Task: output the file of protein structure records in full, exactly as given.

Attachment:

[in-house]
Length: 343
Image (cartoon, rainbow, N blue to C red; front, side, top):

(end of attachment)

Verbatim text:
[in-house]
Length: 343
Image (cartoon, rainbow, N blue to C red; front, side, top):